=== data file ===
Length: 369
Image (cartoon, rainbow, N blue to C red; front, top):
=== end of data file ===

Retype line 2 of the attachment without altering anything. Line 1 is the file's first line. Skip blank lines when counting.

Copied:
Image (cartoon, rainbow, N blue to C red; front, top):